Spanish Version

Is the Legislative Branch Controlled by the Executive?

Is the Judicial branch controlled by the Executive?

Is the National Electoral Council controlled by the Executive?

Is the new Citizens' Power (the Public Prosecutor, the Office of the Comptroller and the Peoples' Advocate) controlled by the Executive?

Are the Supreme Court Justices biased in the discharge of their Duties?

Is the Independence of the Judicial Career respected?

Do Venezuelan Courts respect Constitutional Law principles?

Is the Supreme Court at the service of the Administration?

Is the National Electoral Council (CNE) an Impartial Body?

Does the CNE Address The Interests of Civil Society or those of the Government?

Does the National Electoral Council Act In Conformity to the law?

Is voting by way of electronic machines reliable?

Does the Permanent Electoral Register (REP) contain true and precise information?

Are the media really independent?

Does the Penal Code limit freedom of expression?

Are journalists persecuted, threatened or harassed because of the way they cover the news?

Have the human rights of the April 2002 victims been respected and have those responsible been indicted?

Does discrimination on political grounds exist in Venezuela?

Is freedom of thought in education respected?

Is venezuelan citizen's private life respected?

Are human rights violated in Venezuela ?

Are those active in the defense of democracy in Venezuela persecuted and imprisoned?

Are there political prisoners in Venezuela ? Are people persecuted for political reasons?

Is the Executive ruling under a military style?

Is the political parties system declining in Venezuela?

Are traditional trade-union organizations being respected?

Is the civil society allowed to exercise the functions conferred by the Constitution?

The state of the institutions

1. Unlike the Constitution of 1961, which not even mentioned the civil society, the new Constitution of 1999 grants great preeminence to same. Notwithstanding, in practice, the Government of President Chávez Frías aims to reduce the role of society and the participation of the people, given the great resistance to its plans, which has been exercised until now by some non-government organizations and by a great portion of the civil society.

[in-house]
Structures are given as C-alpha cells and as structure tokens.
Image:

2. The "Consejo Nacional Electoral" (CNE) (the National Electoral Council), for example, has been assuming tasks, which the Constitution, the "Ley Orgánica del Poder Electoral" (the Electoral Authority Organic Law) and the "Ley Orgánica del Sufragio y Participación Política" (Voting and Political Participation Organic Law) had reserved to the civil society as center of the electoral process; among others, the designation of officers to manage the electoral process: polling-place members, regional electoral boards and directive positions in the "CNE".

3. The Legislature has backed up this task by replacing the civil society (11 members of the Legislature and 10 members of the civil society integrate the Nominations Committee) in selecting the candidates for rectors of the "CNE", even in disregard of a decision of the "TSJ" (Supreme Court of Justice), which states that political parties are not a part of the civil society.

4. The most aggressive position regarding the intention to weaken the role of the civil society and of the people, is that taken by the "TSJ" (Supreme Court of Justice), by reducing, through several decisions, the functions attributed by the Constitution to the civil society.

5. From the Constitutional Court of the "TSJ", the most important decisions in restricting the attributions of the civil society are:

  • Nº 656, file Nº 00-1728, dated June 30 th , 2000 , in the case of the "Defensoría del Pueblo" (Counsel for the Defense of the People) against the "Comisión Legislativa Nacional" (National Legislative Commission).
  • Nº 1050, File Nº 00-2378, dated August 23 rd , 2000 , in the case of the "habeas data" of the "Red de Veedores" (Supervisors' System).
  • Nº 1395, File No. 00-1901, dated November 21, 2000 , in the case of the Governors against the Ministry of Finance.

6. An element in common among the aforementioned decisions is the narrow interpretation of Article 70 of the Constitution, which aims to restrict the people's participation. The Constitutional Court of the "TSJ", in its judgments, does not consider a great amount of institutions as part of the civil society and, in consequence, such institutions cannot exercise the functions conferred upon them by the Constitution. In doing so, such Constitutional Court prepares the scenery so that, in the future, practically no organization may be considered as civil society. In other words, the former decisions, even though they do not restrain the possibility to act or to constitute non-government organizations nor do they restrain the civil society from organizing itself or from obtaining internal or external financing, they limit its possibilities to perform activities attributed by the Constitution in its condition of civil society.